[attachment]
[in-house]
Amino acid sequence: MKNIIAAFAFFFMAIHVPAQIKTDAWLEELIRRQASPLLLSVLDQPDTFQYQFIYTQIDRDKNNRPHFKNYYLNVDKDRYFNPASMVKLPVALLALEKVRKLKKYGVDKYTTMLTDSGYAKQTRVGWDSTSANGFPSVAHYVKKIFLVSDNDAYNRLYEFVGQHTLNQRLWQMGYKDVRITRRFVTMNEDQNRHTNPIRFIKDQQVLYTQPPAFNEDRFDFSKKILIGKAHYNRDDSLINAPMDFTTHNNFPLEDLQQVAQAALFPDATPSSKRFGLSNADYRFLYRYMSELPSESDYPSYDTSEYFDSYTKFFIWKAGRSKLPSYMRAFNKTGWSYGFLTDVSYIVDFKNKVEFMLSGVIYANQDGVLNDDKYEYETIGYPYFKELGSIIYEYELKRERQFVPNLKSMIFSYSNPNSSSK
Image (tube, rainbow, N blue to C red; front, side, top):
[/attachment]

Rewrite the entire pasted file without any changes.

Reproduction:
[in-house]
Amino acid sequence: MKNIIAAFAFFFMAIHVPAQIKTDAWLEELIRRQASPLLLSVLDQPDTFQYQFIYTQIDRDKNNRPHFKNYYLNVDKDRYFNPASMVKLPVALLALEKVRKLKKYGVDKYTTMLTDSGYAKQTRVGWDSTSANGFPSVAHYVKKIFLVSDNDAYNRLYEFVGQHTLNQRLWQMGYKDVRITRRFVTMNEDQNRHTNPIRFIKDQQVLYTQPPAFNEDRFDFSKKILIGKAHYNRDDSLINAPMDFTTHNNFPLEDLQQVAQAALFPDATPSSKRFGLSNADYRFLYRYMSELPSESDYPSYDTSEYFDSYTKFFIWKAGRSKLPSYMRAFNKTGWSYGFLTDVSYIVDFKNKVEFMLSGVIYANQDGVLNDDKYEYETIGYPYFKELGSIIYEYELKRERQFVPNLKSMIFSYSNPNSSSK
Image (tube, rainbow, N blue to C red; front, side, top):